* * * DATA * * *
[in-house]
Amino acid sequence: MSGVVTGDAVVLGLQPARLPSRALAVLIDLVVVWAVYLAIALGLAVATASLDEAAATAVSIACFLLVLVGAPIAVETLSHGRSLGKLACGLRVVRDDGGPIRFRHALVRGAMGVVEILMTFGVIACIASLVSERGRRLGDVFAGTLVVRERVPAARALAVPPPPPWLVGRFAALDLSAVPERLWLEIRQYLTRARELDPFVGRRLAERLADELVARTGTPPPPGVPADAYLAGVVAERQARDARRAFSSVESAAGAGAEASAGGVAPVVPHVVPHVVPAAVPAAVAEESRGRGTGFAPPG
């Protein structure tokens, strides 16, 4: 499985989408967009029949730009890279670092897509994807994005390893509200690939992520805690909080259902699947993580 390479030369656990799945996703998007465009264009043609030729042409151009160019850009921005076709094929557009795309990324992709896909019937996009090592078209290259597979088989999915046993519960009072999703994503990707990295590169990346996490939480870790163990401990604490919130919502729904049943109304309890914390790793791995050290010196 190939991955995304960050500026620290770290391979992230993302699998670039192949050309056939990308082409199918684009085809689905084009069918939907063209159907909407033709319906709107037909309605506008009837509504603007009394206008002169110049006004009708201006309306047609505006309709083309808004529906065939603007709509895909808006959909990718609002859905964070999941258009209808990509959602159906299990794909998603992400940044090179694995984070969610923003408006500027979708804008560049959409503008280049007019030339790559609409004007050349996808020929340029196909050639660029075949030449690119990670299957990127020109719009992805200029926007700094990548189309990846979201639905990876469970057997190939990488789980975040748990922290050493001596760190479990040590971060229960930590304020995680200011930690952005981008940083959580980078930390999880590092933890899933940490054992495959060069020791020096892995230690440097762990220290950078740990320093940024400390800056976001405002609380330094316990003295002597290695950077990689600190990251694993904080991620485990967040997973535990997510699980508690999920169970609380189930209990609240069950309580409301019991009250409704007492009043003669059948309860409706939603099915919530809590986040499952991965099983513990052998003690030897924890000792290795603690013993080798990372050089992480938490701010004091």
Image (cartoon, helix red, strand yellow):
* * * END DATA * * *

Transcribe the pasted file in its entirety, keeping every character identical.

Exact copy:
[in-house]
Amino acid sequence: MSGVVTGDAVVLGLQPARLPSRALAVLIDLVVVWAVYLAIALGLAVATASLDEAAATAVSIACFLLVLVGAPIAVETLSHGRSLGKLACGLRVVRDDGGPIRFRHALVRGAMGVVEILMTFGVIACIASLVSERGRRLGDVFAGTLVVRERVPAARALAVPPPPPWLVGRFAALDLSAVPERLWLEIRQYLTRARELDPFVGRRLAERLADELVARTGTPPPPGVPADAYLAGVVAERQARDARRAFSSVESAAGAGAEASAGGVAPVVPHVVPHVVPAAVPAAVAEESRGRGTGFAPPG
């Protein structure tokens, strides 16, 4: 499985989408967009029949730009890279670092897509994807994005390893509200690939992520805690909080259902699947993580 390479030369656990799945996703998007465009264009043609030729042409151009160019850009921005076709094929557009795309990324992709896909019937996009090592078209290259597979088989999915046993519960009072999703994503990707990295590169990346996490939480870790163990401990604490919130919502729904049943109304309890914390790793791995050290010196 190939991955995304960050500026620290770290391979992230993302699998670039192949050309056939990308082409199918684009085809689905084009069918939907063209159907909407033709319906709107037909309605506008009837509504603007009394206008002169110049006004009708201006309306047609505006309709083309808004529906065939603007709509895909808006959909990718609002859905964070999941258009209808990509959602159906299990794909998603992400940044090179694995984070969610923003408006500027979708804008560049959409503008280049007019030339790559609409004007050349996808020929340029196909050639660029075949030449690119990670299957990127020109719009992805200029926007700094990548189309990846979201639905990876469970057997190939990488789980975040748990922290050493001596760190479990040590971060229960930590304020995680200011930690952005981008940083959580980078930390999880590092933890899933940490054992495959060069020791020096892995230690440097762990220290950078740990320093940024400390800056976001405002609380330094316990003295002597290695950077990689600190990251694993904080991620485990967040997973535990997510699980508690999920169970609380189930209990609240069950309580409301019991009250409704007492009043003669059948309860409706939603099915919530809590986040499952991965099983513990052998003690030897924890000792290795603690013993080798990372050089992480938490701010004091």
Image (cartoon, helix red, strand yellow):